Neil Magny sat back and had himself a little chuckle last year as the MMA world lost their collective minds about the hyper-active exploits of Kevin Holland.
“It is kind of funny what short-term memories some of the fans and supporters have,” laughed the veteran welterweight, who makes his second start of 2021 this Saturday opposite Geoff Neal. “It was like, ‘Oh my God — five fights in a year; no one has ever done that!’ and I was like, ‘Slow down. Wait. I’ve done that.’”
Magny was actually the second person to log five wins in a calendar year, joining Roger Huerta, accomplishing the feat between February and October 2014, with his victory over Gasan Umalatov at UFC 169 serving as the start of a seven-fight run of success that carried him into the Top 15.
He followed that up by fighting five more times in 2015, posting a 4-1 record capped by consecutive victories over Erick Silva and Kelvin Gastelum, and he has remained one of the most active fighters on the UFC roster, ending a 16-month hiatus last March by rattling off four fights and three victories in 11 months.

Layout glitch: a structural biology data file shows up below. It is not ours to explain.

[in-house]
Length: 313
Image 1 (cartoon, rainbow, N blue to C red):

“I was super-happy for Kevin Holland with the way he went out there and carried himself for that year and it set the bar pretty high because he did five in a year, I did five in a year, so did Roger Huerta, so who can break that now?”
Magny laughs, but not because he’s joking — he really wants to establish a new record and simply doesn’t understand why more athletes don’t have the same “let me fight as often as I can approach” he shares with Holland, who has already fought twice this year.
“Five has been done before by several people now, so let’s go ahead and get six so I can stand out in the record books.”